Vermont decriminalizes possession of opioid addiction drug

MONTPELIER, Vt. (AP) — Gov. Phil Scott has signed a bill into law decriminalizing possession of the opioid use disorder treatment drug buprenorphine.

The measure decriminalizes possession of up to 224 milligrams of the drug by people without a prescription, WPTZ-TV reported.

“This is an issue of saving lives and it’s a path towards people seeking medically supervised treatment,” Rep. Ann Pugh, a Democrat from South Burlington, said.

The governor raised some concerns.

“Although I remain skeptical, I signed this bill because it is well-intentioned and offers another potential approach to reduce the impacts of substance use disorder,” he wrote in a letter to lawmakers.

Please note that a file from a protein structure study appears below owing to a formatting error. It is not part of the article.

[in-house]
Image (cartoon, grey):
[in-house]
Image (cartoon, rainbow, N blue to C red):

Cameron Lauf, associate director of the Turning Point Center of Chittenden County, a peer-run recovery center, believes the bill can help reduce the stigma associated with substance use and recovery and will have far-reaching impact.

“Passing this bill can help change the societal culture that recovery is possible, that it’s ok, that individuals can be ok,” Lauf said.

Brenda Siegel, who lost her nephew to opioids, hopes the measure will help break down barriers to recovery.

“Every day that someone chooses buprenorphine over heroin, they won’t die that day. And that’s a day that their family gets to still have their loved one around,” Siegel said.

The bill will expire after two years, giving experts an opportunity to assess its effectiveness.